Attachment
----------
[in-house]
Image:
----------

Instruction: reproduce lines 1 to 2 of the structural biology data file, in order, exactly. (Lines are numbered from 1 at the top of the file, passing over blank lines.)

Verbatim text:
[in-house]
Image: